The Kubernetes scheduler determines the best node for the pod to run on based on available resources. The scheduler does this by monitoring the Kubernetes API server for new pod objects. When a new unscheduled pod is created, the scheduler runs through its algorithm to find the best node for the pod. After the pod has been scheduled (the best node has been selected for the pod), the scheduler does not reach out to tell the selected node to start the pod. Remember, the Kubernetes API is declarative (not imperative) and the internal components use the same API. So instead, the scheduler updates the NodeName field in the pod object to indicate that the pod has been scheduled.
The kubelet (the Kubernetes agent running on the node) monitors the Kubernetes API (just like other Kubernetes components). When the kubelet sees a pod with a NodeName field corresponding to itself, it knows that a pod has been scheduled to it and must be started. Once the kubelet has started the pod, it continues to monitor the state of the containers for the pod and keeps them running as long as the corresponding pod object continues to exist in the API server.
When the pod object is deleted, the Kubelet understands that the container is no longer required, and terminates it.
Why No Hidden Internal APIs?
Having Kubernetes components use the same external API makes Kubernetes composable and extensible.
If for some reason a default component of Kubernetes (the scheduler, for example) is insufficient for your needs, you could turn it off and replace it with your own component that uses the same APIs.
In addition, if there is functionality that you want, that is not yet available, you can easily write a component using the public API to extend Kubernetes functionality.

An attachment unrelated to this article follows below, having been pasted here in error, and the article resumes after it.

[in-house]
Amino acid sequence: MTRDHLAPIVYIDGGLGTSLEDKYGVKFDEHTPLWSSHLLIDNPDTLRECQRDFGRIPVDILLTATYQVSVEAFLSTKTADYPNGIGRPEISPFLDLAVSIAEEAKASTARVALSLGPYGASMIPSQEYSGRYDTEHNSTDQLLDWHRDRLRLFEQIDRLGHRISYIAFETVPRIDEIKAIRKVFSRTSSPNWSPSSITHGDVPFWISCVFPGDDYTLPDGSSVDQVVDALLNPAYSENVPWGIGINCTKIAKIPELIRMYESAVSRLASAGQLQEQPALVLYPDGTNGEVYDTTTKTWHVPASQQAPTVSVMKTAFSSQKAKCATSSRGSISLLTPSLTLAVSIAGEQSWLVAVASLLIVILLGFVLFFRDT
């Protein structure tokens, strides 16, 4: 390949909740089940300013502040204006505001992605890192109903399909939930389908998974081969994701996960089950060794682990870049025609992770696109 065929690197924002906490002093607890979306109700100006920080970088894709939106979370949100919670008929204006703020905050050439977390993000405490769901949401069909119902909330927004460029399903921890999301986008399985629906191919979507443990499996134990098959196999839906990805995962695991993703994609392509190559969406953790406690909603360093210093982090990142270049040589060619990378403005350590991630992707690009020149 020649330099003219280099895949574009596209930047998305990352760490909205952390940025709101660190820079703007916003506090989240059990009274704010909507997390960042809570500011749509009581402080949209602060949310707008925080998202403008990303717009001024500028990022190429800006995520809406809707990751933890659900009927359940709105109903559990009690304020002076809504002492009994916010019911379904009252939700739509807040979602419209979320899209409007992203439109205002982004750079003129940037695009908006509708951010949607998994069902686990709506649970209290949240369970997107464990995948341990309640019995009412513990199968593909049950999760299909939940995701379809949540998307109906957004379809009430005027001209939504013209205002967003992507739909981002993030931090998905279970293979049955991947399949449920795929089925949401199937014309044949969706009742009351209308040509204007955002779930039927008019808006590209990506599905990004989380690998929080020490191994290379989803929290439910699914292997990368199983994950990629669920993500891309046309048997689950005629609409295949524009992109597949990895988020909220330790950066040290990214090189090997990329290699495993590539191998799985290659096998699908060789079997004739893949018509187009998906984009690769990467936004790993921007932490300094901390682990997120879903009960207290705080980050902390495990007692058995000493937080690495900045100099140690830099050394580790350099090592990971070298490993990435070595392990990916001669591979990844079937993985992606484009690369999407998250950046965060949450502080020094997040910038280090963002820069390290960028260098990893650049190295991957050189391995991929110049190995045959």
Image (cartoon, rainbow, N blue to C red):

Meet User Where They Are
The Kubernetes API allows storing of information that may be interesting to workloads. For example, the Kubernetes API can be used to store secrets or config maps. Secrets could be any sensitive data that you wouldn’t want in your container images, including passwords, certificates and other sensitive information. And config maps can contain configuration information that should remain independent of container images, such as application startup and other similar parameters.
Because of the second principle defined above about how there are no hidden internal APIs, your application running on Kubernetes could be modified to fetch the secret or config map information directly from the Kubernetes API Server. But this means that you would need to modify your application to be aware that it is running in Kubernetes.
And this is where the third principle of Kubernetes comes in: meet the user where they are. Meaning Kubernetes should not require an application to be re-rewritten to run on Kubernetes.
Many applications, for example, accept secrets and config info as files or environment variables. Therefore, Kubernetes supports injecting secrets and config maps into pods as files or environment variables. See, for example, the “Using Secrets” section of the secrets documentation.
Why Meet the User Where They Are?
By making design choices that minimize the hurdles for deploying workloads on Kubernetes, Kubernetes make it easy to run existing workloads on Kubernetes without having to rewrite or significantly alter them.